Centro has also released the following statement:

"Cento Fine Foods refutes wrongful, frivolous lawsuit regarding misrepresentation of Certified San Marzano Tomatoes.

At Cento Fine Foods, we take nothing more seriously than the quality and integrity of our products. We take pride in that fact that our labels accurately describe the products inside. Cento is a brand consumers can trust. Cento Certified San Marzano Tomatoes are meticulously monitored by the strictest quality controls. Our seeds and seedlings are DNA tested to be true San Marzano tomatoes. Our fields and farmers are audited by a third party in Italy who assures that the tomatoes are grown in the rich fertile soil of Sarnese-Nocerino at the base of Mt. Vesuvius in Campagna. Our San Marzano tomatoes are produced in a facility exclusively dedicated to Cento brand San Marzano tomatoes. For these reasons among others, Cento has become synonymous with consistent premium quality tomatoes in the marketplace.

Cento is the only brand to have full traceability, sustainability, and transparency of San Marzano tomato products. With groundbreaking Find My Field and PAC Traceability, consumers are able to pinpoint the exact field in which the tomatoes in each can of Cento Certified San Marzano Tomatoes are grown.

Recently, an unfounded wrongful class action lawsuit was filed claiming that Cento Certified San Marzano Tomatoes are not genuine. Unfortunately, this type of litigation can be brought forward with mere allegation. Cento firmly refutes all of the ignorant, inaccurate, and wrongful claims in the complaint and is astounded by the lack of factual information therein.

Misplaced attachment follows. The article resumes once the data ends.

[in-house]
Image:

The complaint is brought forward under the false pretense that " The Consorzio di Tutela del Pomodoro San Marzano DOP ("Consortium") is the only entity which can certify and approve a San Marzano tomato." This statement is absolutely false. Cento has lawfully chosen to use Agricert, a third party certifying body in Italy, to verify the authenticity of the Cento San Marzano tomatoes. It is also worth noting that "SAN MARZANO" is part of the Cento trademark. At Cento, we take pride in the truthfulness and accuracy of our product labels. Cento exceeds industry standards in production and has always operated with the highest integrity. Any suggestion to the contrary is absolutely false. As always, you can "Trust Your Family With Our Family."

In her statement, Weiner said the lawsuit "seeks to reimburse consumers for the price they paid for tomatoes that are, as alleged, not certified or true San Marzano tomatoes and halt Cento's allegedly deceptive marketing and labeling of the tomatoes."